UA email as your login, but do not use your UA NetID password for your UA
        Resume Builder account password).
     5. Start a new Interview Prep session from the Skills Center. Configure your interview.
        Select the length of the interview, from 5 to 20 questions. Pick a recording format:
        audio and video, audio only, or no recording.
     6. Select the type of interview you want to practice from a variety of employment and
        graduate school interview formats. You also have the option to build your own interview
        from a long list of questions or have questions chosen at random for you.
     7. Choose an interviewer. You can have an interviewer selected at random for you, or
        select an interviewer yourself. Scroll to see all available interviewers. Your web cam
        and microphone are immediately detected and you're ready to begin.
     8. Start the interview. You have two minutes to answer each question. You can accept or
        redo any answer you provide.
     9. Finish your Interview Prep session and then click on its icon in the Skills Center to view
        your responses in a split screen with the interviewer.


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University of Arizona Career Services   www.career.arizona.edu    (520) 621-2588   September 2008
                    JOB SEARCH METHODS – use a variety!

 CAREER SERVICES

 Employers use Career Services for campus interviewing, to post job listings, to request
 resumes of students and to visit campus during career fairs.

   •   The Campus Interviewing Program provides services for students from all majors
       who are looking for career experience in their field of interest before graduation,
       including cooperative education, internships and career-related summer jobs, in
       addition to opportunities for undergraduate and graduate students seeking jobs in their
       career fields upon graduation. http://career.arizona.edu/Students/?interviewing

   •   Employer Information Sessions are hosted by many employers through the Campus
       Interviewing Program to provide an opportunity for students to learn about an
       organization and to meet with employer representatives.

   •   Career fairs on campus are coordinated by Career Services and other departments
       including engineering, business and retail. Check the fall and spring semester Career
       Services Web calendar for dates http://career.arizona.edu/Students/?s=1&ss=4

   •   Wildcat JobLink lists student employment including work-study and part-time
       positions on and off campus, internships and full-time career jobs across the U.S.A.
       http://career.arizona.edu/?search

 NETWORKING

 Networking is the active process of developing and maintaining contacts through
 professional, personal, academic and social contacts and is a way to tap into the "hidden job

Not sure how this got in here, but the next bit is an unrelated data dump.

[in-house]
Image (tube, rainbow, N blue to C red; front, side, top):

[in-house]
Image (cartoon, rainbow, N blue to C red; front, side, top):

market.”

   •   Tell people you know that you’re looking for a job or internship, and ask if you can give
       them your resume to pass along to others. All of the people you already know and
       people you have yet to meet, are potential members of your professional network.

   •   Your network may include faculty, friends, relatives, current or past employers, student
       clubs and groups, community associations, classmates, alumni, co-workers, career
       services staff, academic advisors, professional organization members, neighbors,
       librarians, hairstylists, realtors, cab drivers, etc.

   •   When job searching, you should always be networking. You never know who might
       have a contact for you, either now or later. Know what you want to know before you
       ask someone for assistance. Practice talking about yourself and what you’re looking
       for; use excellent manners and represent your intentions honestly.

   •   Help others as you build your career and become someone that others turn to for
       networking help. Even when you are not in the job search mode, continue to maintain
       your professional and personal network--reciprocate and help others when they ask
       you for assistance and keep in touch with your contacts.
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University of Arizona Career Services   www.career.arizona.edu    (520) 621-2588   September 2008
 INFORMATIONAL INTERVIEWING
 Informational Interviewing is related to networking. In an informational interview, you gather
 occupational and career information by talking to people who work in your area of interest.
 Informational interviews can have a variety and combination of focuses. They can allow you
 to learn the details about a specific job in a particular organization, develop contacts with
 people who either do the hiring or are notified about job openings, and they can be used for
 career information gathering.

   •   Identify possible contacts. A good start is using your network (see previous page).
       From there, continue to broaden your network to include people you may not know.

   •   Call and begin by introducing yourself. Explain how you got their name and why you